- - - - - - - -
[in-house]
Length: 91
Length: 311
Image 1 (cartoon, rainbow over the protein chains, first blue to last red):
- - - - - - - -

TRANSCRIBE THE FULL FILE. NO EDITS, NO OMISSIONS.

[in-house]
Length: 91
Length: 311
Image 1 (cartoon, rainbow over the protein chains, first blue to last red):